Pollution biomarkers in estuarine animals: Critical review and new perspectives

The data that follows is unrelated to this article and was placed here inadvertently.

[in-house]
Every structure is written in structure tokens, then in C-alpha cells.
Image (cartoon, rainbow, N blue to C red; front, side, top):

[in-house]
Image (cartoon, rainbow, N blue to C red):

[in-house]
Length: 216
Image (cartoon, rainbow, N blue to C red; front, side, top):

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In this review, recent developments in monitoring toxicological responses in estuarine animals are analyzed, considering the biomarker responses to different classes of pollutants. The estuarine environment imposes stressful conditions to the organisms that inhabit it, and this situation can alter their sensitivity to many pollutants. The specificity of some biomarkers like metallothionein tissue concentration is discussed in virtue of its dependence on salinity, which is highly variable in estuaries. Examples of cholinesterase activity measurements are also provided and criteria to select sensitive enzymes to detect pesticides and toxins are discussed. Regarding non-specific biomarkers, toxic responses in terms of antioxidant defenses and/or oxidative damage are also considered in this review, focusing on invertebrate species. In addition, the presence of an antioxidant gradient along the body of the estuarine polychaete Laeonereis acuta (Nereididae) and its relationship to different strategies, which deal with the generation of oxidative stress, is reviewed. Also, unusual antioxidant defenses against environmental pro-oxidants are discussed, including the mucus secreted by L. acuta. Disruption of osmoregulation by pollutants is of paramount importance in several estuarine species. In some cases such as in the estuarine crab Chasmagnathus granulatus, there is a trade off between bioavailability of toxicants (e.g. metals) and their interaction with key enzymes such as Na(+)-K(+)-ATPase and carbonic anhydrase. Thus, the metal effect on osmoregulation is also discussed in the present review. Finally, field case studies with fish species like the croaker Micropogonias furnieri (Scianidae) are used to illustrate the application of DNA damage and immunosuppressive responses as potential biomarkers of complex mixture of pollutants.
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